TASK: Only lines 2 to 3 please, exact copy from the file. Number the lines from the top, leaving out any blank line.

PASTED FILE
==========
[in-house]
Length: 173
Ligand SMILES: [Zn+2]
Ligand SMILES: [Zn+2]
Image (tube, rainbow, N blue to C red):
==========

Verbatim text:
Length: 173
Ligand SMILES: [Zn+2]